Endangered Species Act Has Harmed Endangered Species Fearful Landowners Forced to Take Pre-emptive Action, says NCPA Scholar
DALLAS (May 18, 2007) - Today is the second annual "Endangered Species Day," as declared by the U.S. Senate in honor of the Endangered Species Act. Yet rather than a cause for celebration, animal lovers and private property owners should view this day with sadness, according to an expert with the National Center for Policy Analysis (NCPA).
"The law of unintended consequences has wreaked havoc on wildlife and landowners due to the Endangered Species Act," said NCPA Adjunct Scholar Brian Seasholes. "The ESA punishes landowners for harboring endangered species, and the tragic result has been a scorched earth policy towards the very species the Act is supposed to protect."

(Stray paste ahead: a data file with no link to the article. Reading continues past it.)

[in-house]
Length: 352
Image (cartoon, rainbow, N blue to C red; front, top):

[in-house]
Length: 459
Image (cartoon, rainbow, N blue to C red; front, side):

Seasholes notes that there is growing evidence that many landowners are actively managing their land so as to avoid potential endangered species problems. For example:
"If one had deliberately written legislation to harm endangered species, it would be almost impossible to top the ESA," said Seasholes. "The only way to reverse this is to remove the penalties. Unfortunately, most in Congress are more interested in gimmicks and so-called incentives, which will do little for America's wildlife and landowners."
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